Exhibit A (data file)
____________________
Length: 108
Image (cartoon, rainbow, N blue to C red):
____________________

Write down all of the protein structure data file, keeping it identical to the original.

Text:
Length: 108
Image (cartoon, rainbow, N blue to C red):